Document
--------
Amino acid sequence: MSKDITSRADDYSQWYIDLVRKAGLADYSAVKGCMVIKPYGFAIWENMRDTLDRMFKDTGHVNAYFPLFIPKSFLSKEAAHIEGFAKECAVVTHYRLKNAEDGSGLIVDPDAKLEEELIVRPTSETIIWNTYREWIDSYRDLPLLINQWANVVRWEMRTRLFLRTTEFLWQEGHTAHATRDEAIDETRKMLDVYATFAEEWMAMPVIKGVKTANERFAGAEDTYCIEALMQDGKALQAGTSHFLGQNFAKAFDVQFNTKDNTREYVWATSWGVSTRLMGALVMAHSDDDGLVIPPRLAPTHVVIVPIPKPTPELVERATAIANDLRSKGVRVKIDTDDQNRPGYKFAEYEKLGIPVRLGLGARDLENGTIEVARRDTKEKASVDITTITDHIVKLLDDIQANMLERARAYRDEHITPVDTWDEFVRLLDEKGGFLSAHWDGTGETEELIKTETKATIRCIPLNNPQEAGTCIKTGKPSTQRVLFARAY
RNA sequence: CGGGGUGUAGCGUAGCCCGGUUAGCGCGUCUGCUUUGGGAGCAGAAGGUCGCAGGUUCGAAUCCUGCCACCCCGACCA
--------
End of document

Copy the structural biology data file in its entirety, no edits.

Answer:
Amino acid sequence: MSKDITSRADDYSQWYIDLVRKAGLADYSAVKGCMVIKPYGFAIWENMRDTLDRMFKDTGHVNAYFPLFIPKSFLSKEAAHIEGFAKECAVVTHYRLKNAEDGSGLIVDPDAKLEEELIVRPTSETIIWNTYREWIDSYRDLPLLINQWANVVRWEMRTRLFLRTTEFLWQEGHTAHATRDEAIDETRKMLDVYATFAEEWMAMPVIKGVKTANERFAGAEDTYCIEALMQDGKALQAGTSHFLGQNFAKAFDVQFNTKDNTREYVWATSWGVSTRLMGALVMAHSDDDGLVIPPRLAPTHVVIVPIPKPTPELVERATAIANDLRSKGVRVKIDTDDQNRPGYKFAEYEKLGIPVRLGLGARDLENGTIEVARRDTKEKASVDITTITDHIVKLLDDIQANMLERARAYRDEHITPVDTWDEFVRLLDEKGGFLSAHWDGTGETEELIKTETKATIRCIPLNNPQEAGTCIKTGKPSTQRVLFARAY
RNA sequence: CGGGGUGUAGCGUAGCCCGGUUAGCGCGUCUGCUUUGGGAGCAGAAGGUCGCAGGUUCGAAUCCUGCCACCCCGACCA